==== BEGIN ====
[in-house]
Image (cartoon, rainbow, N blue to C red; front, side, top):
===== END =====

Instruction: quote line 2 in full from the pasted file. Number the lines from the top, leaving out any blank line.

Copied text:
Image (cartoon, rainbow, N blue to C red; front, side, top):